In particular we discussed the latest work of Axel Honneth about freedom, recognition, institution and justice: Das Recht der Frieheit (Suhrkamp Verlag, Frankfurt am Main 2011). Honneth has changed his focus from recognition to the problem of how freedom can be institutionalized in a modern bourgeois capitalist society. This could also be called the problem of how a societal ethics could be constituted.

The model for Honneth is Hegel’s Philosophy of Right. Hegel has, as it is well known, tried, as a critique of Kant, to conceptualize the institutionalization of freedom in modern society. It was interesting to bring Hegel’s discussion into play, not least his Wirkungsgeschichte or significant influence on later philosophical, political and sociological discussions of Sittlichkeit or Ethical Life, and its forms of institution in modern society.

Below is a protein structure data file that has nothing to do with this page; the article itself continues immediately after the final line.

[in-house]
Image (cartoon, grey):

The second theme of the meeting was “Environmental Ethics: Climate change and justice in the context of globalization of capitalism”. This part of the workshop dealt with environmental dilemmas due to the global environmental crisis. We debated climate change issues in the perspective of proposals for a new economy and we asserted how we should consider the climate change issue in relation to topics of identity struggles and poverty in developing countries.

The third theme of the meeting was the “Foundations of ethics”. Here we continued our ongoing discussions concerning possible foundations of ethical theory. Since the group started in 2010, it has been focusing on discourse ethics and ethics and closeness. The theme for the meeting in Turku involved discussions of consequentialism and utilitarianism as an ethical theory, but also broader themes about bioethics and environmental ethics were elaborated.

Finally, we had some papers that addressed the open theme of ethics in relation the general purpose of the study group.